Tobin calls Trump immigration policies 'cruelty on innocent people'

Tobin calls Trump immigration policies ‘cruelty on innocent people’

Tobin calls Trump immigration policies ‘cruelty on innocent people’

Catalino Guerrero, 59, greets Cardinal Joseph Tobin, of the Catholic Archdiocese of Newark during the Faith In New Jersey program at Bethany Baptist Church on May 4, 2017, in Newark, N.J. (Credit: Photo courtesy of NJ Advance Media/Aristide Economopoulos.)

Cardinal Joseph Tobin of Newark, New Jersey, on Wednesday issued a strong call to action to Catholic leaders to resist the immigration policies being implemented by the Trump administration, including musing aloud about the impact if every cardinal and bishop in the country were to accompany a potential deportee to his or her court hearing.

Cardinal Joseph Tobin of Newark, N.J., issued a strong call on Wednesday for American Catholic leaders to resist the immigration stance of the Trump administration, saying “you really have to believe in inflicting cruelty on innocent people to choose to support the policies we’ve seen in recent months.”

Tobin, a Pope Francis appointee, urged Catholic and political leaders alike to get involved in the defense of immigrants.

He asked, “What if every cardinal accompanied a person who crossed our paths to a deportation hearing? Every bishop? Every mayor?”

Tobin challenged people to see immigrants as they are, and not as distorted stereotypes, saying that by doing so, “we show our face.”

His remarks came as part of a May 17 celebration of World Communications Day hosted by the Diocese of Brooklyn and its DeSales Media Group, the diocese’s communications and technology arm. (The DeSales Media Group is also a Crux sponsor.)

Tobin has long been among the most outspoken bishops on the immigration issue. He made news in March when he went along with a 59-year-old grandfather facing deportation, Catalino Guerrero, to a federal court for his hearing.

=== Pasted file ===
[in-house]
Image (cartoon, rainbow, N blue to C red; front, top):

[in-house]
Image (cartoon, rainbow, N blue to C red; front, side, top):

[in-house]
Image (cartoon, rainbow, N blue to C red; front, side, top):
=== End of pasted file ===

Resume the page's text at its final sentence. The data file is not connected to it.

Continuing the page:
Tobin talked about the case in his keynote speech on Wednesday.

He said that his accompaniment of the man “wasn’t a conscious strategy … but praying with him and his family … and with other religious groups in New Jersey … these actions taken together provided a lens” for others to understand the events, and inspire them to action.

Because of the essentially one-party rule by Republicans at the moment, he said, “Congress and the president could pass comprehensive immigration reform if they wanted to.”

But until that happens, Tobin doesn’t want people to sit back and watch things unfold, but rather talks about a “call to faith” and how it can motivate people to act.

The day he went with Guerrero, “God’s grace broke through” for at least two reasons according to Tobin.

“It put a face on people who are frequently dehumanized … secondly, it put a face on us and the call to solidarity,” he said.

He said that day was “an act of compassion on my part,” but for some “it was an act of hope …that the Church, the body of Christ has a right to a voice in the public square…and we must claim that voice.”